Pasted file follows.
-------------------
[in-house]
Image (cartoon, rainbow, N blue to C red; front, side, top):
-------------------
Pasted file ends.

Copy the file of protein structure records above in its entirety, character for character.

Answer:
[in-house]
Image (cartoon, rainbow, N blue to C red; front, side, top):